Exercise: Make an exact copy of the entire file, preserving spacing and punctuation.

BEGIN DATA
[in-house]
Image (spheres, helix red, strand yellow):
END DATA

[in-house]
Image (spheres, helix red, strand yellow):